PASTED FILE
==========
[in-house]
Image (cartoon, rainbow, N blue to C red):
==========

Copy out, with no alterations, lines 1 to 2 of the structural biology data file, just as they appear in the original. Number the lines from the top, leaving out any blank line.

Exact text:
[in-house]
Image (cartoon, rainbow, N blue to C red):